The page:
Broken bolt removal 101

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Broken bolt removal 101

Hoosier Daddy
This post was updated on .
  I spent quite a bit of time typing this in another thread and thought I'd post it here to hopefully help others in the future.
Note: The only way I got half ways decent at broken bolt removal is by breaking WAY too many bolts in my days.

I would never jump right to a classic "easy-out".

 They are extremely hard therefore brittle... very easy to snap off. Then a broken easy-out is next to impossible to remove without help from a machine shop. Also an easy-out's tapered shape expands the bolt and can wedge it even tighter.

Do not use WD-40, it is not a penetrant, it's a silicone preservative  / water dispersant (WD).
Get yourself a good penetrating oil. PB Blaster, Kroil, or believe it or not, a homebrew 50/50 mix of acetone and transmission fluid (ATF) is best. Spray it down repeatedly.

Then a center punch right smack dead center on the broken bolt. You can start light taps to verify your in the center but you want to finally give it a good stout "whack". This does two things...
1. It gives you a center point to keep the drill bit from walking
2. Shocks the threads and breaks the corrosion and gives the penetrant micro passages to soak into.

If there is a peak in the break at the center, your drill will walk to the edge and you'll damage the threads.
If you have a Dremel you can use the smallest round headed burr to grind a starting point in the center. But you still want to center punch it to help break loose the corrosion on the threads

Spray it down again and let it soak it a MINIMUM of over night. Pateince is a key factor in all this.

Pick up a set of "Left hand" drill bits. To use these you need a reversable drill.
Start with the smallest bit and with your drill in reverse, carefully drill a pilot hole exactly centered and straight into the bolt. With any luck it will back out with this first drilling. If not, jump up a couple sizes and this time go slowly. The larger bit will want to follow your first pilot hole but you still need to be careful to stay centered and straight.
 The sharp edge of the bit will bite into the bolt and usually back it right out.
 You can use a propane torch and gently heat the surrounding aluminum but be careful and quick. The aluminum will expand faster than the steel bolt at first and thats you window to work in... but once the heat transfers to the steel it expands as well. So you'll need to let it cool and try again. Several small heat and cool cycles will also let more penetrating oil soak in, so spray it after each heating. Then try drilling again.

 IF this all does not work, then you can try a screw extractor (easy-out). BUT they are not all alike.
Ridgid makes a good set and Snap-on / Mac tools (read expensive) has a similar version... but the original from Ridgid are THE BEST!

Notice a couple things in this set? The extractors are straight, not tapered. They are actually a star shaped rod with sharp points to grab and you tap them into the hole with a hammer. Each extractor has the properly sized drill bit. Each size also has a centering guide (along the bottom) to help you drill the hole straight. Finally, along the right side, is the adapters that fit the star shaped extractor and you can use a 6 or 12 point wrench or socket on instead of the four flats on a regular "easy-out".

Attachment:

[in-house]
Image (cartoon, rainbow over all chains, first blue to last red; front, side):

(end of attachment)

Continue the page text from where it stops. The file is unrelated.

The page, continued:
If you choose to use a regular old fashioned "easy-out", use a Tap handle on it.

 That will fit the four sided head better than a open end or Cresent wrench and make it much easier to control. DO NOT HEAT IT. That seems to make them even more brittle and easier to break. Carefully and slowly try but go straight into the drilled hole and feel if it is working. Remember the taper? Watch for expansion of your broken bolt and if the easy-out starts to twist at the top but not at bottom STOP.
Soak it with more pentrant and leave it over night, then try again the next day. If you feel more heat is needed remove the easy-out from the hole first and let it cool before trying again.

That's as much of my experiance I can think to pass on. Good luck to you!
81 Honda CB750C - Current Project
67 BSA Spitfire MkIII - Next Up (Full Resto)
81 Honda GL1100 - Bob / CafeĀ“
80 Suzuki GS750L - Bratstyle
72 Honda CB450K5 - Basket Case
73 Honda CB350F Cafe' (Gone but not forgotten)

Don't wait for opportunity to knock... kick the door down and drag the old harlot in!
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Re: Broken bolt removal 101

With your permission, I'll move this to the repair/tips and tricks area.  Good advice and experience.

Luke M
Used to have a 1979 CB750L, sold it as a parts bike, now riding a slightly modified 1984 VT700C. Network/Field Engineer. Central OH, USA, Earth, Sol System, Milky Way Galaxy, Universe.
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Re: Broken bolt removal 101

In reply to this post by Hoosier Daddy
This is a very good topic. I my self have had long nights trying to get broken bolts out. Thought I would share on this on.

Hoosier is right a good penetranting oil is key. I my self have easy-outs But have started useing Alden Grabit bits they work very well for me as they have a reverse bit on one end and a short extractor on the other. The way the extractor is made it is easy to get out if you should happen to brake it.  The only place I have got this from is msc or producton tool supply on line.

As Hoosier put it the easy outs are a last option for me. They are a bear to get out if the broke.

Best bet don't brake any bolts.  
Simple if some one else can, why can't I